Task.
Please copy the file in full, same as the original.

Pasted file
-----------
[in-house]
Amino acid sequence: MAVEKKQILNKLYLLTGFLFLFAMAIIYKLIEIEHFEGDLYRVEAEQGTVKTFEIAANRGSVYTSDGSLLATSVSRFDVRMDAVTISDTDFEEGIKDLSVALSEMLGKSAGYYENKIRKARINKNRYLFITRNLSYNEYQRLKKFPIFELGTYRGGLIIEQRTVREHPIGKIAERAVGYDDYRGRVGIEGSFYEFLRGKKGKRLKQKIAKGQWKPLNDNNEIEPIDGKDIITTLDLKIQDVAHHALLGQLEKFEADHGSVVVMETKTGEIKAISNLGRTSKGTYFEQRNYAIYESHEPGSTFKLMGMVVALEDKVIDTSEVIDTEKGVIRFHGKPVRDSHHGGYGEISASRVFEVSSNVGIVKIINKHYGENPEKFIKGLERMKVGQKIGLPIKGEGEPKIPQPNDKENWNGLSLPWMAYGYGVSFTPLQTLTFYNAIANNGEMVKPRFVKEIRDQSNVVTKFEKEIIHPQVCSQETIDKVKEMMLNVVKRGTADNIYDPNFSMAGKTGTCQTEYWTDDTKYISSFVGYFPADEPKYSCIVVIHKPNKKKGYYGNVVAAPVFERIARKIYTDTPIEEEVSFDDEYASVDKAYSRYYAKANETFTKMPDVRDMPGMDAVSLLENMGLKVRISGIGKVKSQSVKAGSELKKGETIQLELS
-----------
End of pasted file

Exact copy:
[in-house]
Amino acid sequence: MAVEKKQILNKLYLLTGFLFLFAMAIIYKLIEIEHFEGDLYRVEAEQGTVKTFEIAANRGSVYTSDGSLLATSVSRFDVRMDAVTISDTDFEEGIKDLSVALSEMLGKSAGYYENKIRKARINKNRYLFITRNLSYNEYQRLKKFPIFELGTYRGGLIIEQRTVREHPIGKIAERAVGYDDYRGRVGIEGSFYEFLRGKKGKRLKQKIAKGQWKPLNDNNEIEPIDGKDIITTLDLKIQDVAHHALLGQLEKFEADHGSVVVMETKTGEIKAISNLGRTSKGTYFEQRNYAIYESHEPGSTFKLMGMVVALEDKVIDTSEVIDTEKGVIRFHGKPVRDSHHGGYGEISASRVFEVSSNVGIVKIINKHYGENPEKFIKGLERMKVGQKIGLPIKGEGEPKIPQPNDKENWNGLSLPWMAYGYGVSFTPLQTLTFYNAIANNGEMVKPRFVKEIRDQSNVVTKFEKEIIHPQVCSQETIDKVKEMMLNVVKRGTADNIYDPNFSMAGKTGTCQTEYWTDDTKYISSFVGYFPADEPKYSCIVVIHKPNKKKGYYGNVVAAPVFERIARKIYTDTPIEEEVSFDDEYASVDKAYSRYYAKANETFTKMPDVRDMPGMDAVSLLENMGLKVRISGIGKVKSQSVKAGSELKKGETIQLELS